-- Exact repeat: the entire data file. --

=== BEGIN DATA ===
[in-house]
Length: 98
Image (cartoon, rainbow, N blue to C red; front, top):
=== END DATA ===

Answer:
[in-house]
Length: 98
Image (cartoon, rainbow, N blue to C red; front, top):